Ex-Devil, Ranger Holik has some interesting ideas on how to curb shot-blocking

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Former New Jersey/New York center Bobby Holik is speaking out about the shot-blocking craze that’s sweeping the Stanley Cup playoffs.

Over at his website, Holik on Hockey, the two-time Stanley Cup winner says he’s “not a huge fan” of watching the Rangers incessantly collapse around their net. While he readily admits the Blueshirts aren’t the only team doing it, Holik says they’re “the poster boys of this new style.”

More from Holik:

I played for a team many still call the most boring ever, and even credit us with “ruining” hockey. I would like these folks to check the goals-for stats for some of those teams. (We led the league for a couple of years)

The so called Dead Puck Era was not caused by the New Jersey Devils winning three Stanley Cups in eight years. It was caused by rapid expansion, diluting the talent pool, and the league’s refusal at that time to enforce rules already on the books.

We are in a different era now and it’s time to focus on today’s game and how to make it better. If you think everybody blocking shots, collapsing around net (creating a force field) and eliminating most scoring chances is the proper approach then you are winning.

It is such a powerful trend it has altered player’s equipment. The plastic skate guards many players wear could be mandated on some of the teams, and they shouldn’t be. If you are going to include shot blocking as a part of your game, you shouldn’t be wearing extra equipment to protect against the consequences.

We already have goaltenders, we don’t need six.

Don’t know if I necessarily agree with this line of thinking, but it certainly is interesting. Original, too.

There’s an interesting juxtaposition at play with regards to shot-blocking. The most common phrase associated with it is “paying the price” and we’ve seen players pay it this postseason (a shot block broke Jay Beagle’s foot, for example.)

At the same time, blocking shots is now a standard practice — thanks in large part to equipment advances — and more players are doing it than ever before.

Would taking away protective material raise the price? For sure. But it would also make for a very slippery slope.

Blackhawks’ Boris Katchouk sidelined by ankle sprain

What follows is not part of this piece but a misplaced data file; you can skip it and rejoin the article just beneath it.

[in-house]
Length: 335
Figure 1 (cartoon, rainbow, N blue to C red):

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CHICAGO — Blackhawks forward Boris Katchouk will be sidelined for four to six weeks with a left ankle sprain, the team announced.

The 24-year-old Katchouk played almost 12 minutes during a 3-0 preseason loss to Detroit on Saturday night. He was acquired in a multiplayer trade with Tampa Bay in March.

The Blackhawks open the season on Oct. 12 at Colorado.

The team also said forward Jujhar Khaira is day to day with a right ankle injury.

Ducks’ Urho Vaakanainen crashes into boards, leaves on stretcher

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ANAHEIM, Calif. — Ducks defenseman Urho Vaakanainen was taken off the Honda Center ice on a stretcher after he crashed into the end boards in the first period of Anaheim’s preseason game against the San Jose Sharks.

The Finnish defenseman was conscious and alert with full movement in his extremities at UCI Medical Center, the Ducks said.

The frightening incident occurred midway through the opening period when Vaakanainen smashed into the boards at a dangerous speed behind the Sharks’ net. Vaakanainen appeared to be concentrating on the pass he had just made to Derek Grant, who scored the Ducks’ opening goal on the assist.

Vaakanainen’s teammates came onto the ice and gathered around him as he was taken away on the stretcher.

The Ducks acquired the 23-year-old Vaakanainen from Boston last March in the deal that sent longtime Ducks defenseman Hampus Lindholm to the Bruins. After recording two assists in 14 games for the Ducks last season, Vaakanainen is attempting to win a top-six role on Anaheim’s defense this fall.

Lightning donate $2 million to Hurricane Ian relief efforts

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TAMPA, Fla. — The Tampa Bay Lightning and team owner Jeff Vinik are donating $2 million toward Hurricane Ian relief efforts.

The NHL team announced that $1 million each will be donated by the Tampa Bay Lightning Foundation and the Vinik Family Foundation.

“This is a tragic situation for many families and communities across the state of Florida, but especially so in the southwest region of the state,” Vinik said in a statement released by the team. “In times like these the most important thing we can do is support one another, and we hope this donation will help families recover and rebuild in the months to come.”

Ian made landfall Wednesday on Florida’s Gulf Coast, south of the Tampa Bay area. The Lightning postponed two home preseason games and moved the club’s training camp to Nashville, Tennessee, during the storm.

Maple Leafs sign defenseman Rasmus Sandin to 2-year deal

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TORONTO — Rasmus Sandin has signed a two-year, $2.8 million contract with the Toronto Maple Leafs, the club announced on Thursday.

The 22-year-old from Sweden was the 29th overall selection in the 2018 draft. Sandin had 16 points in 51 games with Toronto last season. He’s played in 88 career regular-season games, with six goals and 22 assists, and has one goal in five playoff games.

“Got a great set of tools,” fellow defenseman Jake Muzzin said. “With experience, I think they’re only going to get better.”

The signing comes as the Leafs’ blueliners been hit hard by injuries. Muzzin has been dealing with a back issue, and Timothy Liljegren recently had surgery for a hernia.

Toronto then lost Jamie Benn (groin) and Carl Dahlstrom (shoulder) in Wednesday’s 3-0 preseason victory over the Montreal Canadiens, pressing forwards Calle Jarnkrok and Alexander Kerfoot into defensive roles for two periods.